Maria Bamford Feared Bipolar Meds Would Ruin Career
It’s a common worry among people living with bipolar disorder – will the prescribed medication alter my personality to the point that my career could be affected? Even fictional character, Carrie Mathison, on the Showtime series, Homeland, avoids taking her pills for similar reasons. It’s not surprising, therefore, that comedian, Maria Bamford, felt the same concerns.
Bamford’s new Netflix show, Lady Dynamite, is a hit and she’s using the spotlight to open up about her diagnosis and how hard she has worked to rebuild her life after suffering a devastating mental breakdown in 2010.
In an interview with People, Bamford explains: “I went through a nightmare, but it means a lot to me that other people with mental illness tell me the show has helped them and made them laugh. Getting that reaction makes me feel like I’m being useful in life, and that’s good.”
She had been on the fast-track to success before her mental health deteriorated. She was touring the world and is unsure of what may have triggered her suffering but knew pretty quickly that she would need help.
The 45-year-old comedienne explained: “I don’t know if it was a hormonal change or stress, but I’d never felt that bad before. I absolutely melted down. Every single moment was unbearable.” At the time, she was battling suicidal thoughts while cycling through manic and depressive episodes.
She felt unsafe seeking outpatient care so, over a two-year period, she checked herself in for psychiatric care and was once committed under California’s 5150 hold by her doctor. Still, she was hesitant to take the medications she had been prescribed.
“I was anxious I’d never work again. But eventually I got to a point where I didn’t care,” said Bamford. “I didn’t feel immediately better, and the side effects from this medication are hair loss, weight gain and tremors, but it’s been manageable.”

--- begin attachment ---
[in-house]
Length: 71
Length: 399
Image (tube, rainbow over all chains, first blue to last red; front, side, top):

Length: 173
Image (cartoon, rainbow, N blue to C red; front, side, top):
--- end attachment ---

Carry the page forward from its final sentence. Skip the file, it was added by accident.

While Bamford does sleep about 12 hours a night as a result of the medication, she has made modifications to her lifestyle to accommodate her treatment plan. Instead of traveling often for work she stays close to home and also takes naps during her lunch break to counteract the long hours on set. .
Fortunately, things began to improve with 2013 being an incredibly pivotal year. Not only did she meet Arrested Development creator, Mitchell Hurwitz, who helped her develop Lady Dynamite but she also met her future husband on OkCupid. “He was so accepting of my mental health history,” Bamford said of her partner. “Being in a psych ward made me realize that you can’t wait to be a perfect person to commit to a relationship.”
Today, in addition to working on a successful series, Bamford finds meaning through her work at the Downtown Women’s Center in Los Angeles. “I’m happier than I’ve ever been,” she says. “This is how people should feel.”
She’s absolutely right.
Croteau, J. (2016). Maria Bamford Feared Bipolar Meds Would Ruin Career. Psych Central. Retrieved on December 17, 2017, from https://blogs.psychcentral.com/celebrity/2016/07/maria-bamford-feared-bipolar-meds-would-ruin-career/